The AmericanAirlines Arena, which houses WWE Hell in a Cell on Sunday, has been the site of many high-profile WWE events, including the WWE Hall of Fame during WrestleMania 28 Week and WWE Raw the night after WrestleMania 28.

And the fans enjoy showing their WWE signs, T-shirts and figurines as much as Dolph Ziggler likes showing off.

Pink has been part of Ziggler’s color scheme. Pink is also part of WWE’s history.

Bret The Hitman Hart and Jim The Anvil Neidhart, the Pink-n-Black Attack with Jimmy Hart, made pink very fashionable and powerful. All in the family, The Hart Dynasty (Harry Smith, Tyson Kidd and Nattie Neidhart) wore the colors. Nattie, a beautiful and athletic WWE diva and daughter to The Anvil, is proud to continue wearing the pink, supporting her family and the Susan G. Komen Foundation.

Macho Man Randy Savage wore pink including his tights during the classic WrestleMania 3 match against Ricky the Dragon Steamboat. The legendary and well-dressed Ric Flair showcases pink robes in his collection. Batista, Jeff Hardy, Rick The Model Martel, Shawn Michaels, Rey Mysterio, Exotic Adrian Street (with Miss Linda), Rob Van Dam and Jesse Ventura have worn pink. And who can forget Adrian Adonis. OK, we draw the line before the Adorable one.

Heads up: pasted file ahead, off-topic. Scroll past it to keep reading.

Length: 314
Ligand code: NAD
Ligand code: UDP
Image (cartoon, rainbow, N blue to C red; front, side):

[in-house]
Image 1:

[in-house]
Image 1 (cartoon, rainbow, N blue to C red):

• WWE and Susan G. Komen for the Cure expanded their joint “Rise Above Cancer” campaign to include all WWE divas and superstars wearing pink ring gear on WWE programming like WWE Monday Night Raw.

The campaign continues throughout National Breast Cancer Awareness month in October with WWE divas and superstars wearing customized “Rise Above Cancer” T-shirts to help raise awareness and funds for Komen. WWE will donate to Komen 20 percent of the retail sales price of all specialty “Rise Above Cancer” merchandise sold through Dec. 31 on www.WWEShop.com and at WWE live events including the WWE Hell in a Cell pay-per-view on Sunday, Oct. 27 at the AmericanAirlines Arena in Miami.

Watch WWE divas and superstars support Komen: https://community.wwe.com/hope/gallery/wwe-and-susan-g-komen-are-teaming-against-breast-cancer

WWE also offers co-branded bracelets and a “Rise Above Cancer” hat, headband and wristband set, inspired by WWE superstar John Cena, who conceived of the partnership last year and continues to be an avid spokesman for Komen.

To support Komen’s mission, WWE utilizes all its assets, including TV and pay-per-view broadcasts, live events, PSAs, in-arena, digital and social media to generate awareness and encourage fans to get involved. Throughout October, the announcer table, entrance ramp and ring skirts are co-branded and the middle ring rope turned pink to promote the fight against breast cancer.